Fetter Lane Society

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The Fetter Lane Society was the first flowering of the Moravian church in the UK, and an important precursor to Methodism. It is part of the British Province of the Moravian Church.

History[edit]

A short time before the great Methodist revival of the 18th Century in England, Moravians were avidly ministering throughout London. Peter Böhler, the London Moravian leader, and his followers established the Fetter Lane Society in May 1738 for the purpose of discipleship and accountability.

They began with the purpose of meeting once a week for prayer and fellowship. Most of their members consisted of Anglicans, most prominently John Wesley, Charles Wesley, and George Whitefield. John Wesley records in his journal for 1 January 1739:

"Mr. Hall, Hinching, Ingham, Whitefield, Hutching, and my brother Charles were present at our love feast in Fetter Lane with about 60 of our brethren. About three in the morning, as we were continuing instant in prayer, the power of God came mightily upon us insomuch that many cried out for exceeding joy and many fell to the ground. As soon as we were recovered a little from that awe and amazement at the presence of His majesty, we broke out with one voice, 'We praise Thee, O God, we acknowledge Thee to be the Lord.'".[1]

The Moravians in London believed strongly that full assurance was inextricably tied to salvation. They didn't believe in degrees of faith, but rather a complete faith, clothed in confident assurance, unfettered by sin, fear, and doubt. Fear and doubt for the Moravians were endemic of a lack of faith and thus pointed to a need for salvation.[2]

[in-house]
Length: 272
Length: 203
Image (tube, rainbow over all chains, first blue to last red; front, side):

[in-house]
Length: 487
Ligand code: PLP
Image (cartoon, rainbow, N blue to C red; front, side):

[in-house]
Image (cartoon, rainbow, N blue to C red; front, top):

John Wesley[edit]

John Wesley had a radical conversion experience at a meeting house at Aldersgate Street on May 24, 1738 after hearing a reading of Martin Luther’s preface to the book of Romans. Wesley, however, would come to disagree with the London Moravian insistence that justification had to be accompanied by instantaneous full assurance and that the means of grace had to be withheld from those who did not have that full assurance.

Regarding this issue, he collided with Philip Henry Molther and other Moravians at the Fetter Lane Society in 1739-1740. Molther told participants they had to abstain from doing good works and partaking in communion until they had full assurance. Molther insisted the way to acquire faith was to wait upon God and not employ any means of grace, such as worship, prayer, partaking communion or even good works because the fruits of the Spirit could not be bestowed upon those who did not have it.[3]

After challenging these assertions in two messages in June 1740, Wesley was no longer welcome at the Fetter Lane Society. Along with about 50 others, he formed the Foundery Society, in the old cannon foundery at Moorfields whose lease he had purchased in November 1739. The Fetter Lane Society, however, had helped serve as an inspirational model to future societies that would help establish the Methodist Church.

Leadership[edit]

A prominent leader of worship in the mid-eighteenth century was Count Nicolaus Ludwig von Zinzendorf, and the parents of William Blake also attended (it has been suggested that Moravian hymns were an influence on Blake's Songs of Innocence and Experience).[4] The Swedish scientist and mystic Emanuel Swedenborg was also a visitor from 1744-5 and again in 1748-9.

Place of Worship[edit]

Although its original historic building was destroyed by Nazi bombing in World War II, the Fetter Lane Moravian Congregation continues to worship in the metropolis. Although Lindsey House in Cheyne Walk was sold in the 18th Century, the Congregation has retained and still uses the carriage house between Beaufort Street and Millman's Street. This now contains dwellings and a chapel situated at the northern edge of the characteristic Moravian Burial Ground, God's Acre.

Footnotes[edit]

  1. ^ Telford, John (1947). The Life of John Wesley. London: The Epworth Press. p. 394. ISBN 0-88019-320-4.  pp117
  2. ^ Heitzenrater, Richard P (1995). Wesley and the People Called Methodists. Nashville: Abingdon Press. p. 338. ISBN 0-687-44311-3.  pp77
  3. ^ Collins, Kenneth (2003). John Wesley A Theological Journey. Nashville: Abbington Press. p. 355. ISBN 0-687-02788-8.  pp110
  4. ^ Schuchard, Marsha Keith (2007). Why Mrs Blake Cried. London: Pimlico. p. 9. ISBN 978-1-84595-128-3. 

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